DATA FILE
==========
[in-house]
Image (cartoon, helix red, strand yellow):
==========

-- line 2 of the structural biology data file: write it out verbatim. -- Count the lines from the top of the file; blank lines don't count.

Image (cartoon, helix red, strand yellow):